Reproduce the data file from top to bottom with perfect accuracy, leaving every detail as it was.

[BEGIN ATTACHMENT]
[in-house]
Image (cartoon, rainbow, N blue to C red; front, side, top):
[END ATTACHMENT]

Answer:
[in-house]
Image (cartoon, rainbow, N blue to C red; front, side, top):